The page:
Configure Active Directory Guest Authentication on WAP571 or WAP571E
PDF(373.2 KB) View with Adobe Reader on a variety of devices
ePub(481.1 KB) View in various apps on iPhone, iPad, Android, Sony Reader, or Windows Phone
Mobi (Kindle)(789.0 KB) View on Kindle device or Kindle app on multiple devices
Updated:July 24, 2019
The objective of this document is to show you how to configure the Active Directory guest authentication on the
WAP571 or WAP571E.
Microsoft provides Windows Active Directory Service, an internal Active Directory (AD). It stores all of the
essential information for the network including users, devices, and policies. Administrators use the AD as a
single place to create and manage the network. AD guest authentication allows a client to configure a captive
portal infrastructure using the AD for authentication. Captive Portal (CP) is a feature that allows an
administrator to grant access to pre-defined users connecting to a Wireless Access Point (WAP). Clients are
directed to a web page for authentication and conditions of access before they are able to connect to the
network. CP verification is for both guests and authenticated users of the network. This feature makes use of
the web browser and turns it into an authentication device.
CP instances are a defined set of configurations used to authenticate clients on the WAP network. Instances can
be configured to respond in different ways to users as they attempt to access the associated virtual access
points (VAPs) which simulate multiple access points within one physical WAP device. To learn more about VAP and
the steps involved in configuring it, click here.
Captive portals are often employed at Wi-Fi hotspot locations to ensure users agree to terms and conditions as
well as provide security credentials prior to gaining access to the Internet. For some organizations they offer
the joining user the opportunity to be contacted in the future about the brand. There are many marketing use
cases to a feature like this. To support AD authentication, the WAP will need to communicate with one to three
Windows Domain Controllers (also known as servers) to provide authentication. It can support multiple domains
for authentication by choosing domain controllers from different AD domains.
Configure Active Directory Guest Authentication
Step 1. Log in to the web configuration utility of the WAP by entering the username and password. The default
username and password is cisco/cisco. If you have configured a new username or password, enter those
credentials instead. Click Login.
Note: In this article, the WAP571E is used to demonstrate the configuration of AD guest
authentication. Menu options may slightly vary depending on the model of your device.
Step 2. Choose Access Control > Guest Access.
Step 3. In the Guest Access Instance Table, you can either select the plus icon to
add a new Guest Access Instance or the pencil and paper icon to edit an existing
one. The Guest Access feature of the WAP571 or WAP571E access point provides wireless connectivity to
temporary wireless clients within the range of the device. The access point will broadcast the Service Set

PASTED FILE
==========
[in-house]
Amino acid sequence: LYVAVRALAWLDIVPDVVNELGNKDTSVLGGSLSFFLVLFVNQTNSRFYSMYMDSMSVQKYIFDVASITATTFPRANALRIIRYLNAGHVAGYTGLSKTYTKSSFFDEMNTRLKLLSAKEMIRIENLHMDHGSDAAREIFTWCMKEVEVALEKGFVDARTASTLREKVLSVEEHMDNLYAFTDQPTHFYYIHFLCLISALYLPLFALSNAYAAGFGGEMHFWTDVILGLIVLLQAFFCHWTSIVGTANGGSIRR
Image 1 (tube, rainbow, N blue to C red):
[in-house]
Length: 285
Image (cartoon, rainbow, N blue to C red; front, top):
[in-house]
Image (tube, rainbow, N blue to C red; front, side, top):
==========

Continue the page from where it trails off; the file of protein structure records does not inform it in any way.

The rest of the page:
Identifier (SSID) specific for the guest network. Guests are then redirected to a CP where they are required
to enter their credentials. In effect, this keeps the main network secure while still giving guests access
to the Internet.
The settings of the CP are configured at the Guest Access Instance Table of the web-based utility of the WAP.
The Guest Access feature is particularly useful in hotel and office lobbies, restaurants, and malls.
In this example, a new Guest Access instance is added by clicking on the plus icon.
Step 4. Name the Guest Access Instance. In this example, it is named AD_Test.
Step 5. Choose the Protocol for the CP instance to use during the verification process from the
HTTP - Does not use encryption during verification.
HTTPS - Uses the Secure Sockets Layer (SSL), which requires a certificate to provide encryption. The
certificate is presented to the user at connection time.
Note: It is very important that a client configure the captive portal page to use HTTPS and not
HTTP as the former is more secure. If a client chooses HTTP, they can inadvertently expose usernames and
passwords by transmitting them in unencrypted clear text. It is best practice to use a HTTPS captive portal
Step 6. Choose the Authentication Method as Active Directory Service.
Step 7. Configure the IP address of the AD server by clicking the blue eye icon next to the
Active Directory Service in the Authentication Method column.
Step 8. A new browser window will open up. Enter the IP address for the AD server. In this example, the Host IP
address used is 172.16.1.35. Click OK.
Note: As an optional step, you can click on Test to verify that the IP address
for the AD server is valid. For more information regarding the verification steps, click here.
You can add up to 3 AD servers.
Step 9. Click Apply to save the changes.
Step 10. Go to the Menu and choose Wireless > Networks.
Step 11. Choose the network and specify that it will choose AD as the Guest Access
Instance for authentication. In this example, the network is WAP571_test.
Step 12. Click Apply.
You have now successfully configured the active directory guest authentication on the WAP571 or WAP571E.